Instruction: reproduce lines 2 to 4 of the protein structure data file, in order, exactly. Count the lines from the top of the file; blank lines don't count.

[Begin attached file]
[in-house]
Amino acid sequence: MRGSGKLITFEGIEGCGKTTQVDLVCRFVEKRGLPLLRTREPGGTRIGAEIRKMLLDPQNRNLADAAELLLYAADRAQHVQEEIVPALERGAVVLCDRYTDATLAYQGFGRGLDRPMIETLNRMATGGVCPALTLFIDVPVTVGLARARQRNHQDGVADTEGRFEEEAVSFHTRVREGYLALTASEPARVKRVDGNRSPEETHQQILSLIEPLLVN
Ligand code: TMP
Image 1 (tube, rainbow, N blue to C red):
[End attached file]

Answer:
Amino acid sequence: MRGSGKLITFEGIEGCGKTTQVDLVCRFVEKRGLPLLRTREPGGTRIGAEIRKMLLDPQNRNLADAAELLLYAADRAQHVQEEIVPALERGAVVLCDRYTDATLAYQGFGRGLDRPMIETLNRMATGGVCPALTLFIDVPVTVGLARARQRNHQDGVADTEGRFEEEAVSFHTRVREGYLALTASEPARVKRVDGNRSPEETHQQILSLIEPLLVN
Ligand code: TMP
Image 1 (tube, rainbow, N blue to C red):